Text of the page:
I have discarded the offshoot poem of “A Choir of Pine”. I am confident that in the parent poem, I have expressed the theme to my satisfaction; the different style of the offshoot seems to me insufficient justification for its existence, rendering it redundant.
I shall now proceed to the next sketch, “That Is All”: a celebration of the sights and sounds of my rural surroundings, much like “Over the Mountain” before it.
Its form and working title were inspired by “Dis Al”1, a sombre poem by Jan F. E. Celliers who in brief, swaying metre expresses the sorrow of an exiled soldier returned. It is an unexpected beginning for my cheerful theme, but who dictates to the muse?
Pronounced [diss ull], Afrikaans for “that’s all”.
I have just completed “A Blustery Day”—now titled “A Choir of Pine”—four sweeping three-line stanzas revelling in the rush of the wind! I shall now develop its offshoot poem—its working title, “A Choir of Pine II”—which expresses the same but in a different style.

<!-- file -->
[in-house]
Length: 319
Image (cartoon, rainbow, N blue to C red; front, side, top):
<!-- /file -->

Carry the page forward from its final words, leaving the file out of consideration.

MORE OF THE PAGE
South Africa is in the midst of spring, and there is no end to the flowers.1 Every few weeks, there are new arrangements of shape, size and colour at the waysides that come and go in turn.
Some sparkle on shrubs that in every other season give nothing away of their splendour. Some burst from bulbs straight from the ground—just stem, no leaves at all. Some flutter gently amid the grasses—shy, though they need not be so.
Some dazzle with striking colour, insisting one stops and stares. Some are strange, barely recognisable as what they are—for that reason, all the more lovely. Some are so small that on hands and knees one must descend to see them at all.
Were I to catalogue every species I have seen this season, my updates would be frequent and long, but permit me one more occasion to show some of the specimens that now are in bloom:
Or wild animals: late Thursday afternoon, I saw for the first time a pair of Otocyon megalotis, Bat-eared foxes! I regret I was not able to photograph them.